State Senate unveils a budget: Sorry, Teachers
by John Stang
Democrat Jim Hargrove has reservations about the Hill bill. Credit: John Stang
Two key numbers were unveiled Monday: $38.3 million for court-ordered school improvements. Zero dollars for teacher cost-of-living raises.
Those figures are from the Senate's proposed supplemental budget for 2014, which the Republican and Democrat budget writers from the upper house of the Legislature announced Monday. The proposal call for $38.3 million for technology upgrades in schools to help the state comply with a 2012 Washington Supreme Court ruling that Washington lags in its constitutional obligation to provide a basic education for students.
These are figures that Gov. Jay Inslee believes are not good enough. The House's lead budget writer, Rep Ross Hunter, D-Medina, said he has not had a chance yet to study the Senate's proposal.
The supplemental budget is a measure to fix glitches in the middle of a two-year state operating budget. July 1, 2014, begins the second year of the 2013-2015 biennium. A recent flat state revenue forecast has translated to no major budget challenges expected for 2013-2015, except for the work to deal with the state Supreme Court's McCleary ruling.
Overall, the Senate proposal would add $96 million — minimal in Olympia's terms — to the state government's current $33.6 billion operating budget for 2013-2015. "This is not a second bite at the apple," said the Senate Majority Coalition Caucuses lead budget writer Sen. Andy Hill, R-Redmond, dismissing the idea of larger mid-term changes in the 2013-2015 budget.
The McCleary ruling calls for $4 billion to $4.5 billion in extra money from 2013 to mid-2019 for educational upgrades, with the biggest chunk targeting reductions in teacher-student ratios in grades K-3. That translates to roughly $1.3 to $1.5 billion each in the 2013-2015, 2015-2017 and 2017-2019 budget biennia. So far, the Legislature has allocated $982 million for 2013-2015. The $38.3 million for technology upgrades is for preparations to improve teacher-student ratios. And it would bump up the 2013-2015 McCleary allocation to $1.02 billion.
That would then translate to a need for an additional $1.5 billion to $1.75 billion in extra money each of the following biennia, 2015-2017 and 2017-2019.
Inslee wants $200 million to $400 million in the supplemental budget — $200 million for routine budget adjustments, and up to another $200 million for teacher cost-of-living raises and McCleary improvements, with the Supreme Court work taking about two-thirds of that total. "I urge the House to make a more substantial investment in education — one that does more to provide our students with the classroom tools they need and restores cost-of-living raises for our teachers," Inslee said in a written statement.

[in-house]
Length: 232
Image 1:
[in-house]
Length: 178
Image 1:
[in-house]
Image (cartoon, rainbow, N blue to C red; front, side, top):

The Senate and House alternate being first on unveiling budgets, and it is the Senate's turn this year. The House proposal could come at any time.
Inslee wants to provide 1.3 percent cost-of-living raises for the state's teachers, and a bill is in motion in the House to do so. Washington's voters passed an initiative several years ago to require that cost-of-living increases be given to teachers annually, based on a formula using inflation. However, recent legislatures have routinely suspended that cost-of-living raises as a budget-balancing measure. Restoring the cost-of-living raise would be expected to cost up to $70 million in 2014-2015 — an obligation for which no specific funding sources have been identified.
The House has one bill in motion with an education-funding-targeted closure of a tax break — $41 million for five state oil refineries. The Senate majority coalition of 24 Republicans and two Democrats plus the House Republicans have wanted to keep this tax break on the books. Closing this tax break is not in the Senate's supplemental budget proposal. At a Saturday town hall meeting in Redmond, Majority Coalition Leader Rodney Tom, D-Medina, said he personally supports closing that tax break, but also indicated that is not a priority for him this session. Tom has been reluctant to go against the majority positions within the coalition that he leads.
On Monday, Republican Sen. Hill and the minority Democrats' lead budget writer Sen. James Hargrove, D-Hoquiam, said they immediately removed the teacher-cost-of-living issue and most of the McCleary spending matters from their negotiations to simplify the Senate's budget talks.
"We did it without cutting the social safety net. … That was one of [the Democrats'] priorities," Hargrove said.
The Democrat added, "Is it a bipartisan budget? You'll have to wait for the votes … I expect it will be." The Senate will vote later in the week.
The proposed Senate budget calls for $163.2 million in new spending of which the $38.3 million McCleary allocation is the biggest chunk, and from $111 million in spending cuts — all scattered in small amounts across numerous activities. The state employees' health insurance program took the biggest cut at $36.5 million.
The additional expenses include $5 million to implement the DREAM Act that will allow Washington high school graduates whose parents are undocumented immigrants to apply for state college aid. Inslee is scheduled to sign that bill into law on Wednesday.
For exclusive coverage of the state government, check out Crosscut's Under the Dome page.